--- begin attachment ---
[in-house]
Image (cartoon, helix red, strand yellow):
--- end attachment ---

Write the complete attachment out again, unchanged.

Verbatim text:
[in-house]
Image (cartoon, helix red, strand yellow):